I’m Going on the Job Market

Drumroll please…. Alice is going on the job market this year!

After a wonderful two years as a postdoc here in Comparative Media Studies at MIT, I am preparing to enter the tenure-track job market this year. From October to February, I will send letters, requests, and papers to everyone willing to consider hiring someone like me. I’m not just looking for academic positions, though. I am open to finding a good fit in the private sector/real world, so I’ll be tapping my social network for leads.

I’m hoping that I’ll find a position with an equal balance of research and teaching in a department or program looking for someone in some combination of the following: digital literacy, new media, videogames and web 2.0 cultures, writing, composition and rhetoric, social-science methods, communication, culture, and so on. Of course there are a lot of ways to define these things, and there are a lot of different kinds of jobs I could see myself doing.

Why the long list? I’ve been in a lot of programs, departments, and disciplines. I’ve been in creative writing, literature, literacy (in writing studies/English and K-12 education), language (courses in sociolinguistics and discourse), writing and composition studies, and now media and videogame studies. Writing and literacy have always been the central threads of my work, with a heavy emphasis on pedagogy and literacy learning, especially videogames.

So there you have it. I’m polishing my CV (see my Vita page here for the most recent version), asking for recommendations, proofreading my writing samples and statements of teaching philosophy, and composing many, many cover letters. It’s a huge undertaking but I’m hopeful that I’ll land in the right place. Stay tuned.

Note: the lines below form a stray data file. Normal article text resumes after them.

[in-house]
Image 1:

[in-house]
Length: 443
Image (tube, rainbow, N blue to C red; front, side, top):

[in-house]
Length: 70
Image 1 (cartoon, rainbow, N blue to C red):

4 responses to “I’m Going on the Job Market

  1. First off – good luck! The academic job search can be both incredibly satisfying and disheartening, occasionally at the same moment…

    But a question – is it a good idea to publicly post what type of job you’re looking for, in terms of type of school, teaching load, & place? Unless you only plan on applying for jobs that meet those qualifications, you may find yourself in the odd position of having to write a cover letter explaining why a job in a very different type of situation is appealing to you – search committees will look at your website and see what you “really” want, and might be gunshy proceeding in fear that you would reject their job or leave after a couple of years.

    There aren’t really rules on how to navigate the digital world in the academic job search, but there’s no doubt that in media studies especially, your application extends into your blog. Just a thought…

    Hope you find exactly what you want & it doesn’t require any such contradictions!

  2. Thanks for the positive vote, Jason! It’s definitely nice to get support.

    I did a full search when I was finishing my PhD and I think that it’s fairly obvious when I share my work and my dossier that I’m looking for a position that is equal parts research and teaching. But if there was one major thing I learned from the last campus visits I did, it was that it’s a mistake to think that this process has any real hard-and-fast rules or that I can know ahead of time what a committee will want. The academic job market is just a crazy place! I’ve learned that it’s best not to try and beat the system.

    Two years at MIT working with Henry Jenkins has only taught me to work harder, learn more, and be serious about what I want. I know I’m a beggar and not a chooser here, don’t get me wrong. But being a woman in technology and humanities at a top-tier engineering school has taught me to ask politely for what I want and just keep my fingers crossed. That’s about all I can do, you know? The rest is certainly the committees’ decisions, no doubt about that. But I’ll do my best in the meantime.

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